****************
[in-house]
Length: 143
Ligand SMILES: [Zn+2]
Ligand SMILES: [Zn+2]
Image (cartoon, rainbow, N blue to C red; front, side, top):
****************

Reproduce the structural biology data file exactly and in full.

[in-house]
Length: 143
Ligand SMILES: [Zn+2]
Ligand SMILES: [Zn+2]
Image (cartoon, rainbow, N blue to C red; front, side, top):